A developable bottom anti-reflectant coating (DBARC) is an organic liquid used to control the reflectivity of the underlying substrate during the photolithography processes. Because DBARC develops alongside the photoresist, the surface is left ready for implantation or pattern transfer without requiring open etch. This makes it a viable alternative to BARC in today’s semiconductor manufacturing advanced patterning applications, as the relentless pursuit of Moore’s law has stretched lithography to its very limits in the attempt to scale to smaller nodes.
In this new video, Jim Cameron, Ph.D., provides an overview of DBARC and its application for advanced semiconductor lithography processes. First, he reviews DBARC material design principles. Next, he compares DBARC with conventional BARC, and explains how DBARC offers similar substrate reflectivity control without needing the BARC open-etch step. Lastly, he explains how these attributes make DBARC attractive for implant lithography, where reflectivity control on etch-sensitive substrates is required.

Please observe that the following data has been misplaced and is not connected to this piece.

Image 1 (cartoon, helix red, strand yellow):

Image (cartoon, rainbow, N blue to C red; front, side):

For further reading on DBARC and BARC technology, we recommend the following white papers:
For more background information, please also view An Introduction to Bottom Anti-Reflection Coating (BARC) Technology, a video by Jim Thackeray, Ph.D.